Tanzania and Morocco Launch Satellite-Based System for Digital Harvest Data Collection

By : Adoni Conrad Quenum

Date : mardi, 05 décembre 2023 14:21

Last updated : mardi, 05 décembre 2023 14:28

Digital transformation is positively impacting key sectors of the economy, notably in Africa with sectors like agriculture and finance.  To further capitalize on its opportunities, African countries are actively invested in initiatives such as innovation support schemes that aim to encourage innovation and entrepreneurship. 

Last week, the Tanzanian and Moroccan governments launched a satellite-based system for the digital collection of agricultural harvest data. The launch took place at the Tanzanian Agricultural Research Institute's (TARI) Uyole center in Mbeya, Tanzania.

The new system, which costs more than a billion Tanzanian shillings (around $399,202), should enable better estimates of agricultural yields and cultivated areas.

The system works by using smartphones equipped with satellite connectivity to collect data from "white zones," which are areas with limited or no internet access. These zones are home to most of Tanzania's agricultural regions.

The data collected by the smartphones will be used to monitor crops from germination to harvest. This will allow the Tanzanian government to have more accurate statistics on agricultural production.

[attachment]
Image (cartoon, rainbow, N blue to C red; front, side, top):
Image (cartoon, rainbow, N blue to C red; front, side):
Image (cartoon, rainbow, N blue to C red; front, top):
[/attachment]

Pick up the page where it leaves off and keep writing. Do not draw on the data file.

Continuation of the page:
"The aim is to have actual statistics of what we produce in every farming season," explained Fredrick Mlowe, a soil expert at the TARI center in Uyole. "Our officers used to predict the amount of crops to be harvested, a practice that is now phasing out as we are switching to digitalization,” headded

Tanzania is hoping that the new system will help to make agriculture a key sector for its economic development. In the age of the technological revolution, digitization is seen as a mandatory step for improving agricultural statistics. This, in turn, will enable the government to have a clearer vision of food security, monitor crop prices, identify production basins, provide financial support to farmers, and anticipate food shortages.

Adoni Conrad Quenum


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